A team of Tri-State seamstresses was determined to help isolated foster children reconnect with their biological parents during COVID-19.
"We kind of called ourselves the Rosie Riveters of the new age,” said Rose Stertz. "It gives us a purpose everyday as we stay at home and do this."
A few weeks ago, Commissioner Denise Driehaus told Stertz that Hamilton County's 1,800 foster children needed masks. Without them, the kids couldn't visit biological parents or go out in public.
Stertz’s team of volunteers didn’t miss a stitch, sewing love into each one.
"My group is from Cleves and Finneytown and Delhi and wherever they come from they hear about us and want to join our group," said Stertz.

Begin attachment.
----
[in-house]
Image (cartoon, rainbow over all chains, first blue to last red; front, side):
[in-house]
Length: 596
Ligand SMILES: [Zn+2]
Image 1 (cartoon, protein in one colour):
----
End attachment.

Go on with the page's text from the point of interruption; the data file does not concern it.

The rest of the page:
Eight went to work collecting donated threads, hard-to-get elastic bands, and colorful fabric kids might wear. They even turned it into a competition.
"As a seamstress, the one who dies with the most fabric wins,” said Stertz. “Well, four of us we're in competition for first place."
They're also friends of the same cloth who sew hope into every box before delivery.
"We say a prayer for the children that we're sewing for and wish them well and hope their life can keep going in the right direction," Stertz said.
They've delivered masks to all but 100 of the counties’ foster children and will not to stop until all have one.